[box type=”info” align=”” class=”” width=””]Victoria Masterson Senior Writer, Formative Content[/box]
- The number of European Union countries producing coal dropped from 12 to 2 between 1990 and 2020, according to Eurostat.
- The decline in consumption of coal accelerated between 2018 and 2020.
- As the economy rebounds after COVID-19, the International Energy Agency expects growing demand for coal in Asia to reverse a global decline in coal use.
- Fossil fuels like coal are some of the biggest contributors to global warming, according to the Intergovernmental Panel on Climate Change.
As the European Union (EU) adopts a new legislative framework to limit the effects of climate change, the use of coal as a source of energy on the continent is declining rapidly.
Hard coal is anthracite – the purest form of coal with the highest carbon content.
Is coal burning out?
The number of EU member states producing this type of coal fell from 12 in 1990 to just two – Poland and The Czech Republic – in 2020.
Between 2018 and 2020, hard coal consumption in the EU fell by 35%.
“The reason for lower consumption of hard coal is the energy shift towards natural gas and renewables for electricity production,” Eurostat says.
Coke – a fuel used in iron and steel making – is also being produced in smaller quantities.
The pivot to cleaner fuels
The data for hard coal doesn’t tell the full story. There’s also ‘brown coal’ – mostly lignite – the lowest grade coal with the least concentration of carbon. That’s falling out of favour too in Europe.
In 2020, the EU consumed an estimated 246 million tonnes of brown coal. That’s 33% less than in 2018 and 64% less than in 1990.
Six countries account for 95% of EU brown coal consumption: Germany, Poland, The Czech Republic, Bulgaria, Romania and Greece.
Coal: the COVID-19 effect
As the virus spread around the world, industrial demand for coal fell sharply.
The International Energy Agency’s Global Energy Review 2021 found that worldwide use of coal fell by 4% in 2020 – the biggest drop since World War II.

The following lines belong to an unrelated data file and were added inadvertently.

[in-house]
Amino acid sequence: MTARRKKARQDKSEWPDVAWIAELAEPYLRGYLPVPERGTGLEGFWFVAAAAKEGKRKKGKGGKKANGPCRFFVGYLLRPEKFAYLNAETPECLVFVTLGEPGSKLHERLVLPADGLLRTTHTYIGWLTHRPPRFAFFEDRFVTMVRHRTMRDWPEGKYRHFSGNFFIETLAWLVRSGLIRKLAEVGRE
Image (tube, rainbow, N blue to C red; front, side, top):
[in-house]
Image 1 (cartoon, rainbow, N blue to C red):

“The main driver of the decline was lower electricity demand owing to Covid‑19 restrictions and the resulting economic downturn,” the IEA says.
However, the rebounding global economy is predicted to reverse this fall, with 4.5% increase in demand over 2019 levels. “The rapid increase in coal-fired generation in Asia sees it account for three-quarters of the rebound in 2021,” the IEA says. “Gas prices are also expected to rise in 2021, leading to some switching back to coal, notably in the United States and the European Union.”
For decades, climate scientists have warned that burning fossil fuels is one of the biggest contributors to climate change. The latest Intergovernmental Panel on Climate Change (IPCC) report warns that unless there are “immediate, rapid and large-scale reductions” in greenhouse gas emissions, limiting warming to close to 1.5°C or even 2°C will be “beyond reach.”
But the IEA’s Net Zero by 2050 report, published in May 2021, highlights the enormous challenges we face in generating enough clean energy to power the planet.
The report says all unabated coal power plants must be phased out by 2040 if the world is to stay on the pathway to net zero by 2050. That capacity will need replacing with renewable energy.
The IEA report states that to implement the solar capacity required to help fill the energy gaps, we would need to install the equivalent of the world’s biggest solar farm, roughly every day, between now and 2030.
Dethroning ‘King Coal’ at a global level will require nothing short of an energy revolution.
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